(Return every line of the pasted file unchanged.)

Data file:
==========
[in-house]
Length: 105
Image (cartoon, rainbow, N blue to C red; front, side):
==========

[in-house]
Length: 105
Image (cartoon, rainbow, N blue to C red; front, side):